Monday, February 25, 2019

Google's Nest Security Can Listen In By Embedded Microphones

Google’s Nest Security System Is Listening In On You With Embedded Microphones

Surprise! Another smart home device has the ability to spy on people.
I doubt anyone who is reading this will be shocked by this news, but here we go.
Back in early February, tech giant Google announced that Nest Secure, its home security and alarm system, was now compatible with the company’s Home Assistant voice-control function.
Nest Secure has supported Google Assistant integration for quite some time, but with this most recent update, the product is taking that to a new level by turning itself into a Google Assistant speaker. This is just like what the Nest Cam IQ did last year. With the flip of a switch in the Nest app, you can set the Secure as an always-listening Assistant speaker. (source)

The problem?
Nest users didn’t know a microphone existed on their security device, to begin with.
In order to be compatible with a voice control feature, the device would need to have a microphone.

But Google never mentioned there was a microphone embedded in the device.

That important detail was never disclosed in any of the product material for the device, which has been on the market since 2017.

This is the second time Nest made the news this month.

On February 6, owners of Nest security cameras received an email from Google, warning them to secure their login credentials with things like two-factor identification and stronger passwords.
The reason?
The routine security reminder comes after an uptick in Nest camera hacks and even the occasional hoax, many of which have been downright bizarre and creepy: An Illinois family recently had its device breached by a hacker who spewed abusive epithets through the camera’s microphone into their living room, while another criminal peered into a baby’s room in Houston, Texas, for example. (source)

This excerpt from the email was published by Popular Mechanics:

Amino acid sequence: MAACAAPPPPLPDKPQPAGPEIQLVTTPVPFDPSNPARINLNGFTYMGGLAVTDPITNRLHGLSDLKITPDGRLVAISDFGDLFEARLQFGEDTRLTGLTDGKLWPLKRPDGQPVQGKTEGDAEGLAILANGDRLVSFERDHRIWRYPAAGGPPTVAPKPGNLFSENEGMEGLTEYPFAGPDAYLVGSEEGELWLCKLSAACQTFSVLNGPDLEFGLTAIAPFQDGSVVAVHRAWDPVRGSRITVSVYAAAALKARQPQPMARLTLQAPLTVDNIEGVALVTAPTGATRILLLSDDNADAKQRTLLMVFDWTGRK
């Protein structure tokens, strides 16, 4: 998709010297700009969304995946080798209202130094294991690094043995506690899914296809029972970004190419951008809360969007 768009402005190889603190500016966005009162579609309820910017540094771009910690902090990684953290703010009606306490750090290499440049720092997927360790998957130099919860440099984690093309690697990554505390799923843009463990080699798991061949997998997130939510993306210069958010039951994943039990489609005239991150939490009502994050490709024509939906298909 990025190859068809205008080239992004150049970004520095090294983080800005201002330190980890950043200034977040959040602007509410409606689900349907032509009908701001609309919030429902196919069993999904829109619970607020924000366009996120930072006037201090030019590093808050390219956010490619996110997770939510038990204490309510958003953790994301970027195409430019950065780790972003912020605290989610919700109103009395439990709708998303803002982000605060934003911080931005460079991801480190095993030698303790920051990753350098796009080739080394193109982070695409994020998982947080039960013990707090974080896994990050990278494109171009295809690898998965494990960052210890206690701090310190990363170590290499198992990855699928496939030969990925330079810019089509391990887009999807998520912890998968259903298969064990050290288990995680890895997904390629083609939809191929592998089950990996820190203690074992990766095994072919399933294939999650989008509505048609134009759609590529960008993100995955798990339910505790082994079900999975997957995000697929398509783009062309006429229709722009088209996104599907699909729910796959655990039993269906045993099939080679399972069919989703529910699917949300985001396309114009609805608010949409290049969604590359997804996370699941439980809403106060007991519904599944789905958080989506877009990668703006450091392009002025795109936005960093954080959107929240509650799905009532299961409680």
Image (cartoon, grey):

For context, even though Nest was not breached, customers may be vulnerable because their email addresses and passwords are freely available on the internet. If a website is compromised, it’s possible for someone to gain access to user email addresses and passwords, and from there, gain access to any accounts that use the same login credentials. For example, if you use your Nest password for a shopping site account and the site is breached, your login information could end up in the wrong hands. From there, people with access to your credentials can cause the kind of issues we’ve seen recently. (source)

Google has faced criticism in the past for its location data-tracking practices, along with allowing third-party developers to read people’s emails on Gmail, reports CNET.
And, Business Insider reminds us that in 2010, Google acknowledged that its fleet of Street View cars “accidentally” collected personal data transmitted over consumers’ unsecured WiFi networks, including emails.

The Electronic Privacy Information Center (EPIC) has asked the Federal Trade Commission (FTC) to force Google to sell its Nest division and surrender any data that was collected from Nest customers.
In a brief statement on its website, the nonprofit privacy and civil liberties advocacy group said:
Following reports that Google installed secret listening devices in the homes security product Nest, EPIC asked the Federal Trade Commission to require Google to spin-off Nest and to disgorge the data obtained from Nest users. It is a federal crime to intercept private communications or to plant a listening device in a private residence. (source)

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